Looking to clear your mind and your home? Follow these decluttering steps from local organizer Lynda Reider with Cut the Clutter RVA.
We all have spaces in our homes that cause us to feel anxious. Maybe you’re frustrated because you can’t find what you need when you need it. Perhaps it’s just easier to go buy those items, rather than looking for them. Maybe clutter is robbing you of your ability to focus on things you enjoy. Or, perhaps you’re tired of being the only one in your household who has to work through the clutter.
Living in a clutter-free and organized home can mean less stress, better sleep, more energy, and better relationships. It can even save you money – you’ll know exactly what you have and where it is, so you will probably spend less.
There’s an old saying: How do you eat an elephant? One bite at a time. Clutter can be that elephant. Decluttering and getting organized are all about small steps and small decisions. It’s about progress, not perfection.
Here are ten steps to help you declutter and calm the feeling of being overwhelmed:
1. Know your decluttering why.
Decluttering is a very personal journey. First, think about why the clutter is frustrating you. In general, what do you hope to accomplish by eliminating clutter?
A few questions that can help lead you to your why:
• Are you having trouble focusing on your deadlines in your cluttered home office?
• Do you want to teach your kids how and where to put toys away in their play spaces?
• Are you tired of figuring out what to wear each morning in your very full closet? Are you frustrated with clothes you never wear? Do you sometimes find clothes you forgot you owned?
The decluttering process involves lots of small decisions regarding what to keep and what should go. When it gets tough to let things go, you’ll want to remind yourself why you started in the first place. Your why can help you stay focused and motivated.
2. Where do I start when it’s time to organize?
When you’re overwhelmed, figuring out where to start can be paralyzing. Truthfully, it doesn’t matter where you start. Just start. If you’re looking for a bit more direction, start in areas that you don’t use as often, like the spare bedroom or attic. These spaces tend to have lots of unused or forgotten items. You’ll make great progress, which will fuel your motivation for the next areas.
For many people, making decisions about everyday items in the kitchen and bathroom is much easier than taking on kids’ artwork or memorabilia. Though decision-making may be hard at first, it often gets easier as you go. My advice? Tackle more emotional decluttering decisions later in your process.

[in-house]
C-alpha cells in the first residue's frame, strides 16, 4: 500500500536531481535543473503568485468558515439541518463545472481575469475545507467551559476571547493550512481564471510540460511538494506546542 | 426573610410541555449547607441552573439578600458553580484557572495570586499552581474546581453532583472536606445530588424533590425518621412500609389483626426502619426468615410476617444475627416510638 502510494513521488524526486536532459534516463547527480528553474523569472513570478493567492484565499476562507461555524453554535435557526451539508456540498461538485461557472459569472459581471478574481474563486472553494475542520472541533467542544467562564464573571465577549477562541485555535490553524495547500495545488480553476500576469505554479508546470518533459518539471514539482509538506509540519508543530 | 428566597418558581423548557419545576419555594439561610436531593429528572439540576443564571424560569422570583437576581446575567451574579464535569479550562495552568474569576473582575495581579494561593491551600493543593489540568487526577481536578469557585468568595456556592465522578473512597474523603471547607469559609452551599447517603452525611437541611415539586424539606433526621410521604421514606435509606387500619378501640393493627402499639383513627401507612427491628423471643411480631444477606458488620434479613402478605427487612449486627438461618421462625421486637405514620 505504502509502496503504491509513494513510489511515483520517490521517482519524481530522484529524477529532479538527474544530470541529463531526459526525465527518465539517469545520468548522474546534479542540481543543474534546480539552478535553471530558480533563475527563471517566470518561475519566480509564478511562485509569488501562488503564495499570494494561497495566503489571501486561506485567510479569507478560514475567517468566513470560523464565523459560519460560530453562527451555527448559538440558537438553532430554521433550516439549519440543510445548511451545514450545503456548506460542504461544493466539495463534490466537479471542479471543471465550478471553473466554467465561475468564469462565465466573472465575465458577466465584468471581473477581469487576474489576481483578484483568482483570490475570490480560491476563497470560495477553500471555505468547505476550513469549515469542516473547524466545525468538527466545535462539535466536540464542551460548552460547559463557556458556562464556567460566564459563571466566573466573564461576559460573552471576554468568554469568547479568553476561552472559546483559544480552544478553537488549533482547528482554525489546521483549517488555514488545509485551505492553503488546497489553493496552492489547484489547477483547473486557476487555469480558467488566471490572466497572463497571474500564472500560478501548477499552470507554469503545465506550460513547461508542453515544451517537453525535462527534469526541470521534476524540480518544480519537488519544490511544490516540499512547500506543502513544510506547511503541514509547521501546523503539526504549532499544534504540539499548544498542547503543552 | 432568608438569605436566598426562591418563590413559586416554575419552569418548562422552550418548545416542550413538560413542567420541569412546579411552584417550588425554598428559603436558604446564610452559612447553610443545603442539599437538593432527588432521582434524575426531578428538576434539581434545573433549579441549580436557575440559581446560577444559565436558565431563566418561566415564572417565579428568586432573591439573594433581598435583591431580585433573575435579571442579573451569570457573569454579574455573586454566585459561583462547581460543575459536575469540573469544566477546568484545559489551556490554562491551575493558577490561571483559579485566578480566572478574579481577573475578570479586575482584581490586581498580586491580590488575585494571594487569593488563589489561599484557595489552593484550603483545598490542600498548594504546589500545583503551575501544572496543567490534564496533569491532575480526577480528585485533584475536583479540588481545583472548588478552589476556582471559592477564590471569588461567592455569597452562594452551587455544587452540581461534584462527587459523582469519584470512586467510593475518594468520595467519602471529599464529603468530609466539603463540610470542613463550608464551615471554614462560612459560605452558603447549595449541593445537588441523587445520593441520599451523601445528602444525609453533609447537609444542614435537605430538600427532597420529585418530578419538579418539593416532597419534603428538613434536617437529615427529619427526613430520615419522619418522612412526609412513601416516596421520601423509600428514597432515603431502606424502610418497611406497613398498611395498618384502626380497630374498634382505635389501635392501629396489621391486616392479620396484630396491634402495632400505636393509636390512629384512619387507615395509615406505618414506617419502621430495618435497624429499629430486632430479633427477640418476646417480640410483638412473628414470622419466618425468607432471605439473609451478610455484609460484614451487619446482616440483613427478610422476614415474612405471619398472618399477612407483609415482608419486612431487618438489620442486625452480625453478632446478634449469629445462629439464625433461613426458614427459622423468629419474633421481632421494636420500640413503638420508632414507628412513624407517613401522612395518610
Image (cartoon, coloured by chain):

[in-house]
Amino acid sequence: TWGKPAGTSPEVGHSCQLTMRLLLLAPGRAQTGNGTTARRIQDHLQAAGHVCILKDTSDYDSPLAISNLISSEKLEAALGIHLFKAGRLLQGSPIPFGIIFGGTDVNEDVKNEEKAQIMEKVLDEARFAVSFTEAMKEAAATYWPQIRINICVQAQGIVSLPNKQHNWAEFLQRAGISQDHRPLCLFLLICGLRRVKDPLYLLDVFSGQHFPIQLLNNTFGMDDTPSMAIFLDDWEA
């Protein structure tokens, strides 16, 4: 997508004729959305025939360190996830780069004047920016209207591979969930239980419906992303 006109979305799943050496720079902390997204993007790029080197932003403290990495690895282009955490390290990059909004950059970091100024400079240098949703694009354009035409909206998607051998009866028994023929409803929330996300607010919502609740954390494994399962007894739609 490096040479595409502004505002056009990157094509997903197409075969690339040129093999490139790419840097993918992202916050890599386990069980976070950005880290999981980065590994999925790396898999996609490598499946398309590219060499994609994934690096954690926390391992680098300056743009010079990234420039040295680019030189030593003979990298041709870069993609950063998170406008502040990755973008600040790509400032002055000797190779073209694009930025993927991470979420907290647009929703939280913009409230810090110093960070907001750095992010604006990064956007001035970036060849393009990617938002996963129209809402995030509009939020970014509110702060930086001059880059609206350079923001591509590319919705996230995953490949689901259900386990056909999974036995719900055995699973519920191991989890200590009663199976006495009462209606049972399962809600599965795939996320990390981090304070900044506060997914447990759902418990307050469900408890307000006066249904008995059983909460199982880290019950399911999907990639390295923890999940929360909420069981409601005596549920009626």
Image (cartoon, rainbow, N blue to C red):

3. Take organizing before photos and set mini goals.
Once you decide where to start, take before photos as proof of your eventual progress. Also, set mini goals for that space. For example, I’ll go through the linen closet on Saturday from one to two o’clock. Schedule it on your calendar like it’s an appointment or event.
4. Beware of the waterfall effect.
Try not to multi-task. If you find dish towels in your linen closet, set them in a pile to take to the kitchen once you’re done with the linen closet. If you go to the kitchen while you’re midway through the linen closet, you may end up decluttering and reorganizing your kitchen. That’s the waterfall effect – when things from one space impact other spaces. Try not to let this steal your focus.
5. Don’t buy organizing supplies … yet.
Declutter first, then organize what’s left. As you declutter, you may find you already have bins and other supplies you can reuse. Also, if you let go of enough items, you may not even need containers – a money-saving bonus.
6. Embrace the messy middle.
Take everything out of the space. Sort similar items together to make decisions easier; if you see that you have twenty sheet sets, but only four beds, donate the ones you’re not using. Know that it’s going to be messy before it’s beautiful.
7. Lean into donations.
The most important decision for each item is whether you’re keeping it or letting it go. It’s far easier to give away things when you know they’re going to a great new home. In addition to asking friends, family, and local buy-nothing groups if anyone wants them, there are many amazing nonprofits that will repurpose your donations to help people in our community.
8. Block time for emotional items when organizing.
Some categories are inherently hard to part with: kids’ artwork, photos, and memorabilia. At this point in your process, you’ve worked up to making these decisions. For emotional items, keep just a few in any given category, like your child’s artwork. If you have boxes of art, you can’t easily see and enjoy it. Consider framing your favorites or taking pictures to create a slideshow or photo book.
9. Create decluttering zones.
Reload the items you’re keeping in zones: sheets on one shelf, towels on another, extra blankets on the top shelf. Now is the time to reuse organizational supplies you already have and break out that label maker. Maybe the organizing supplies you own aren’t perfect, but remember, they are free. If you don’t have what you need, buy new organizational supplies.
10. Take organizging after photos.
Bask in the accomplishment – you deserve it. Share pictures with your friends and family. Allow your progress to fuel your motivation to tackle the next space in your home or elsewhere in your life. Good luck decluttering!